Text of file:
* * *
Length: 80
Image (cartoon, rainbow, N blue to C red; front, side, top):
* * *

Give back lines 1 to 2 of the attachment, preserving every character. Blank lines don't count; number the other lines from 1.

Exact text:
Length: 80
Image (cartoon, rainbow, N blue to C red; front, side, top):